Canadians of conscience who pay attention to
In a January 15 interview with Haitiâ€™s Radio SolidaritÃ©, Canadaâ€™s ambassador to Haiti, Claude Boucher praised the UN occupation forces (identified by the French acronym MINUSTAH), urging them to â€œincrease their operations as they did last December.â€
Boucherâ€™s reference to operations â€œlast Decemberâ€ is an unmistakable reference to the December 22 MINUSTAH assault on the slum neighbourhood of CitÃ© Soleil.
Marketed by its architects as an action against â€œarmed gangsâ€ blamed for a spate of recent kidnappings, 400 troops, backed by helicopters, entered a densely populated residential area at 4:30 a.m. Eyewitnesses and victims of the attack claim MINUSTAH helicopters fired on residents throughout the operation. The cardboard and corrugated tin wall houses were no match for the troopsâ€™ heavy weaponry and the raid left scores of civilians dead and wounded, including women and children.
Dubbed the â€œChristmas Massacreâ€ by neighbourhood residents a Reuters photo revealed a row of dead bodies and two distraught women carrying a wounded young boy. Agence France Presse indicated that at least 12 people were killed and â€œseveral dozenâ€ wounded, a casualty total over 40. A Haitian human rights organization, known by the acronym AUMOHD, reported 20 killed with an initial set of victimsâ€™ names.
The Association Haitienne de presse (AHP) reported â€œvery serious property damageâ€ following the UN attack, and concerns that â€œa critical water shortage may now develop because water cisterns and pipes were punctured by the gunfire.â€ Red Cross coordinator Pierre Alexis complained to AHP that UN soldiers â€œblocked Red Cross vehicles from entering CitÃ© Soleilâ€ to help the wounded.
MINUSTAH denies it interfered with the Red Cross and refuses to acknowledge any civilian casualties.
The Fourth Geneva Convention prohibits military interference in the provision of medical assistance to the wounded as well as collective punishment and the deployment of military force in districts where civilians are likely to be victimized. International humanitarian law obligates all parties to military engagements (or territorial occupation) to extend protection to civilians.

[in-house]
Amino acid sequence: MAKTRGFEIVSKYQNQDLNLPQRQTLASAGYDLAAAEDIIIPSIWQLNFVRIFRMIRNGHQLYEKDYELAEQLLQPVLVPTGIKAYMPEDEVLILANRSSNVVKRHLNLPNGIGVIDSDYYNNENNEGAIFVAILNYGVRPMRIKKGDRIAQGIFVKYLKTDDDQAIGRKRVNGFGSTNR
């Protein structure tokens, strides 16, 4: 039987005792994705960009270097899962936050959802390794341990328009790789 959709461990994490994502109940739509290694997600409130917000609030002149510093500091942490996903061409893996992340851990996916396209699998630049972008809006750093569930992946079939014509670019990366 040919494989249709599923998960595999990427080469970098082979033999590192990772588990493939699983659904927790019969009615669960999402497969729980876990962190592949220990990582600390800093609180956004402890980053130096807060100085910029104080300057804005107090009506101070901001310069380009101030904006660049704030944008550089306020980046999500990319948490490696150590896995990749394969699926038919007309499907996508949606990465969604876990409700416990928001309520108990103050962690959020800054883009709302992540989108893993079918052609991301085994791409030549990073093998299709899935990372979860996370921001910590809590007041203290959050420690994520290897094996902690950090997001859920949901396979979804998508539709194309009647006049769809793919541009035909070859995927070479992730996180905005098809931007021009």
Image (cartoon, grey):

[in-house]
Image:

In other words, the â€œoperationsâ€ that Ambassador Boucher praised may constitute war crimes.
This was a military assault carried out against a residential neighbourhood by a military force â€“ â€œpeacekeepersâ€ â€“ charged with protecting the population. We can only imagine the reaction if the Canadian army killed dozens of local residents by using helicopters and military assault vehicles with machine guns while conducting operations in the Jane-Finch neighbourhood of Toronto or Vancouverâ€™s Downtown Eastside and justified its actions as â€œcracking down on gangs.â€
The Toronto Star was the only English-language Canadian newspaper to run a Reuters article that reported nine killed in December. It seems as if the dead and suffering of an extremely poor Haitian neighbourhood can be safely ignored. And worse.
And that is what happened. A UN raid on CitÃ© Soleil on Thursday, Jan. 25 left five dead and a dozen wounded, according to Agence France Presse.
Canadian military and police continue to play a leadership role within MINUSTAH. The current Conservative government has pointed to our policies in
Why is this happening?
The reality is most Canadians know nothing about
lighter-skinned) Haitian elite has long exploited the country and worked with French and
In the past two decades the poor majority has tried repeatedly to take control of the Haitian government. But each time a new government challenged the power of the elite and tried to empower the poor majority it has been overthrown.
Sadly, it increasingly appears the “peace” being sought is reserved for the wealthy elite and their foreign backers.
Yves Engler is co-author of